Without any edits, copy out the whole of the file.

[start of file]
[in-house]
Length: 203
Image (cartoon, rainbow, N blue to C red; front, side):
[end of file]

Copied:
[in-house]
Length: 203
Image (cartoon, rainbow, N blue to C red; front, side):